Envision Frederick County is part of the Smarter Growth Alliance for Frederick County. Our group worked with the Frederick County League of Women Voters to ask questions of the environment to the candidates.
Below is an edited summary of what we heard in tonight’s forum:
Frederick County has an active (volunteer) Climate Change Working Group which the City is part of. Their vision is a self-sustaining community independent of fossil fuels; carbon neutral in energy consumption by 2050. Do you think the city should support their efforts to reduce greenhouse gas emissions? If yes how?
Michelle Shay: We all want to support appropriate policies. At the same time it is important to remember …the kinds of monies we are putting forth. Many people think it’s a crisis right now and some don’t see that it’s the highest priority. Over 30 years, getting away from fossil fuels, they are wonderful ideas, but I don’t know how realistic and how safe it is. For example a storm like tonight and losing electricity and energy services, we need to make sure our needs are still met.
Derek Shackelford: We see the effects of climate change happening right now. We see our own infrastructure with flooding. The city by 2050, can accomplish (the goals). You have to have goals. Climate change has health and safety and economic effects. For people in poverty, they are affected greatly by access to healthy food and climate change and GHG reduction is important for the city to have a robust information process as well as education process with climate change info.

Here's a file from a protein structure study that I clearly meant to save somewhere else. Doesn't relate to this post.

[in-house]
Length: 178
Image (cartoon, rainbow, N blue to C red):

Ben MacShane: Climate Change, as the sponsor of the resolution for the city, I of am and remain in strong support. This is a paramount priority for our community, nation and world.
In 2007 Mayor Holtzinger committed the city to participate in the State Urban Tree Canopy with the goal of 40% canopy coverage by 2030 within the municipal boundary. The latest assessment in 2017 showed that the city had reached 20% coverage. Do you think this goal is realistic and if yes in what ways can the city achieve the 40% goal by 2030?
Derek Shackelford – Similar to climate change, tree canopy is important to safety and the protection of planet.
Chris Sparks: The more trees we have and more green our community is, the more bastion Frederick has against climate change. Just look out your window to see the impact of climate change.
We should make the Market Street Mall, turning Market Street to a pedestrian-only zone from All Saints to 3rd. Keep the cross streets open to allow traffic to flow and people to access the garages, and use the reimagined space to plant trees, give space to artists, and increase quality of life for residents and visitors alike.
Residents are concerned about the walkability and livability of the city. Do you have any goals for increased walkability and livability of the city? What are your specific plans to address the issue?
Kelly Russell: We should continue to connect shared use path system, funded by city, state and federal and new development, enhance bike safety, protected bike lanes and how development occurs. Building new development with mixed use and not segregated use. Putting services and goods where people are living.